EB: I like the fact that Artful’s mission is to make the art world more accessible. Speaking as a total art novice, getting my head around things like which artist is worth investing in is such a foreign thing to me. Can you tell us more about that accessibility piece?
MI: Personally, I came to Artful with a long-standing commitment to making art accessible. I’ve been in the art world for 20 years and have done everything from working at galleries to managing art foundations and estates to writing for magazines. I also have a PhD in art history and write books — my most recent being A Year in the Art World, which was an insider’s view of the art world with an attempt to make it more accessible. For many years now, in all of these roles, it’s been part of my personal mission as an art historian to bridge the gap between what is often considered an intimidating, insular art world and the larger public. Artful also reflects this mission. It’s open to anyone who’s engaged with art and already knows the artists and collectors we might be visiting, but it’s also open to people who don’t have that knowledge yet. Once you buy the trip, there’s no barrier to that access. I also wanted to mention Artful Magazine, which is seeking to make art and travel content accessible to a wide audience. We’re very proud of the pieces our Editorial Director, Karen Rosenberg, has been producing throughout the pandemic and we’re excited to see the Magazine grow a lot more soon, as the world opens up and long-delayed art programming is executed.
EB: Artful also puts an emphasis on giving back. How does that work?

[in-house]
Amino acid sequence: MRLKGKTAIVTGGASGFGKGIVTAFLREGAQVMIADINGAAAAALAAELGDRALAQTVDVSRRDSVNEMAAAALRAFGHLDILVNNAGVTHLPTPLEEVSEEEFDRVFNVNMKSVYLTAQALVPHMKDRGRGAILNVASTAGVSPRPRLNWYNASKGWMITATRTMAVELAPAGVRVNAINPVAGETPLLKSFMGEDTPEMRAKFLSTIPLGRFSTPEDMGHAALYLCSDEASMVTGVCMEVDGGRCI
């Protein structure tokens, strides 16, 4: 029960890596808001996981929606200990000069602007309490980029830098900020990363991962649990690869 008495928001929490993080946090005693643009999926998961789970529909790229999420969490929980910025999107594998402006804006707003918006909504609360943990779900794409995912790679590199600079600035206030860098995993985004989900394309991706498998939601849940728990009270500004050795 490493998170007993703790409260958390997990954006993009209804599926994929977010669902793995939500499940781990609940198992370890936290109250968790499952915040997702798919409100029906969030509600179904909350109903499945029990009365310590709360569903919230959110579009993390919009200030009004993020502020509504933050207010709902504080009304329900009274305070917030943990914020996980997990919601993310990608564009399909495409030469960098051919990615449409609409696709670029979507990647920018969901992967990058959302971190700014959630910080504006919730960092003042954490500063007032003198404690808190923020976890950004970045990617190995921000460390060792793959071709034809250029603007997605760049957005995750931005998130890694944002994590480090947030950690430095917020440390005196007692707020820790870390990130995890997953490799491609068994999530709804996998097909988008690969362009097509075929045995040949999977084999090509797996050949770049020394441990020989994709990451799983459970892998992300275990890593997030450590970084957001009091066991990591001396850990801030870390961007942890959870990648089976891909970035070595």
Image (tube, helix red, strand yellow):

MI: Firstly, we are interested in the cycle of patronage. After the past year it’s important to patronize museums, galleries, and artists, because they’ve suffered a lot, and our trips are bringing people to these institutions to support them. We also started Artful Impact, which is a fund associated with a number of nonprofits. For every artwork purchased on our trips, we return a third of our proceeds from the sale to these carefully selected charities.
EB: Tell me about the travel elements of the trip. How do the restaurants and hotels you select compliment the art theme?
MI: I am very lucky to work with Jahna Vaughan, who was previously designing bespoke trips for American Express Centurion clients, and is a hospitality expert. We collaborate on Artful’s trips to make sure the level of contemporary art is matched with the level of hospitality. That’s a way we’re different from other art trips — we believe that a great experience is had when you can go somewhere, get off the plane and somebody has taken care of every little thing for you. I can think about the art and Jahna can think about the restaurants, hotels and transportation. It’s all thought out almost minute by minute.
EB: Many of us seek out museums and galleries when we travel. How do you think art helps us understand a place better and appreciate it more?